Trust Dollar Rally for now, but the bears will be back by Investing.com
By Yasin Ebrahim
Investing.com – The heyday of the dollar is likely to continue for quite a while, but eventually the Fed’s path will turn bleak again to get bears out of their hiding place.
The, which measures the greenback against a weighted basket of the six major currencies, rose 0.35% to 92.2 and is expected to post a gain in the third week.
“Certainly, the current moderate strength of the USD could continue for some time,” Commerzbank (DE 🙂 said in a note. The positive remarks come just days after the Federal Reserve maintained its benchmark rate, but released projections showing rate hikes in 2023.
“After the publication of the latest FOMC projections, the dollar was able to gain significantly”, [even as] the OIS market has been anticipating a first Fed rate hike for some time in 2023, ”Commerzbank said.
But the takeoff could happen even sooner, according to Federal Reserve Chairman of St. Louis, James Bullard.
“I’m putting us on from late 2022,” Bullard said Friday in a CNBC television interview. “[M]Your forecast was for 3% inflation in 2021 – core PCE inflation – and 2.5% PCE inflation in 2022.
“To me that would respect our new framework where we said we’re going to allow inflation to exceed target for a while, and from there we could bring inflation down to 2% at the next horizon, “he added.
Bullard’s hawkish tone did not scare the bond market as supply remained in place, but yields are likely to rise, albeit gradually, which will add another tailwind for the greenback.
“We expect the yield on 10-year treasury bills to gradually increase in the 2.25% to 2.75% range by 2022 from the current 1.5%,” he added. Wells fargo (NYSE 🙂 said in a note.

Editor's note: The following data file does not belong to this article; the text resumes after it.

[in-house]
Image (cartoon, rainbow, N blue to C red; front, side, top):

“The US Federal Reserve’s near-zero federal funds interest rate target is unlikely to change over the next 18 months, but at some point in this period our central bankers will likely start to imply that they will start to reduce (or “decrease” in the language of the Fed) the amount of bonds they buy on the open market each month out of the current $ 120 billion, ”he added.
But for those hoping this could be the end of the dollar bear market, think again. The fate of the dollar is tied to the Fed’s policy actions and the central bank’s inflation outlook. This outlook may need to be revised as winter approaches, as inflationary pressures may ease.
“Only when inflationary pressures subside significantly again in autumn and winter […] if the Fed starts to fear again that permanent reinflation will eventually materialize, ”Commerzbank said. “This should make the Fed’s normalization less certain again and weigh on the dollar again. We expect the dollar to weaken again from then on. “
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